Consider this for a moment: imagine that your daily routines and everyday transactions are only obtainable through crossing a rickety wooden plank bridge. Now think of this passageway as your solitary means to obtaining a living and conducting business. Not the ideal situation is it? But that’s the fate which the fishermen of the community of Praslin are now faced with.
Many of the fishing villages across the island boast proper docks with well-equipped facilities including locker rooms in which the fishermen store their fishing gear and supplies. These docks also offer depots where they sell their catch to the Saint Lucia Fish Marketing Corporation; gas pumps for obtaining fuel; and also ice machines for those who prefer to go out and vend.
For the fishermen of Praslin it is not so. They have to traverse two wooden, unstable and deteriorating piers or “jetties” to access their fishing boats when venturing out to sea and are forced to use locker rooms battered and abused by Mother Nature.
These jetties, ravaged by the seas for about three decades, are long overdue a replacement. So much so that the fishermen have been slipping through the boards and injuring themselves. Just recently, a young fisherman returning from a day at sea, went through one of the weak boards damaging his left thigh muscle in the process.Over the years, governments have come and gone, likewise their promises to construct a new dock in the community, but the outcome has always been the same: temporary repairs to the wooden structures by the fishermen themselves.
I recently spoke to the man who built the very first jetty in the area, 75-year-old Mathew Ferdinand, a former fisherman, boat builder and baker, who is now a kitchen gardener.Ferdinand built the jetty in the 1980s and explained that he saw it as a necessity.
“Being that the area is a fishing village and me being a fisherman at the time, I needed it too,” Ferdinand said.
He confessed however that members of the community called him crazy when he ventured upon constructing the jetty, claiming that he was often ridiculed as they thought that he was unable to build one.
“I was the only one who did everything. I sawed the trees to obtain the wood, I carried them to the seaside and built the jetty on my own.”
According to Ferdinand, the jetty took him about four months to build. By the early 90s, with it being used constantly by all of the fishermen, it needed to be built stronger. The authorities promised to work on the jetty, to build a better one but that never happened.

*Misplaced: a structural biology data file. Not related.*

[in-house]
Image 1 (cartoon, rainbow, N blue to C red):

MP for the area Dr. Gale Rigobert says that she has raised the issue of the jetty ever since she became the parliamentary representative. “Because of my engagement with the fishermen, they highlighted it as one of their key priorities, along with their locker rooms which are badly dilapidated. And of course, I have seen for myself, I have been to the site, I have made the plea, asking that the government pay attention to this as it was one of the issues that I highlighted.
“In our fiscal year 2012/2013 in parliament, the budget estimates reflected that we had gotten within the region of a million dollars to erect a jetty at Savannes Bay and in Praslin, and I thank the Minister for Agriculture, Moses “Musa” Jn Baptiste for considering Praslin and responding to my call for assistance. In the first week February of this year, I had a conversation with the prime minister and the agriculture minister again inquiring as to the state of the jetty and whether we are proceeding with the project because the money had been budgeted and as far as I was concerned had been received from the Taiwanese as well. He advised me that, in fact, he had engaged some fishermen and that consideration was being given to the architectural design,” Rigobert explained.
She continued: “During this budget debate I again asked, I said, ‘Curiously, last year I stood here and I thanked the government for the jetty and one year on there is no jetty. And yet again we have another “promissory note”. Because last year I expressed my thanks and this year I’m not sure that I should proceed thanking again, with the jetty still not yet being delivered.’
“I am concerned that though the money would’ve been sourced and had, that I hardly anticipate a jetty coming to be. I find it difficult to believe that it takes all of 14 or 15 months for the project to come into being. Even I initiated discussions with an engineer and in no time he had given me a full feasibility study and everything concerning the work, and clearly this is moving at a snail’s pace.”
To this date, none of the fishing villages within the Micoud district have adequate fishing facilities; the fishermen of Micoud proper still walk into the murky waters on mornings to access their vessels, as their boats are being anchored in the bay.
Meanwhile, the seamen of the Praslin area become more skeptical and pessimistic about this initiative and continue to wonder how many of them are to get injured; or must disaster strike before they can receive a proper facility?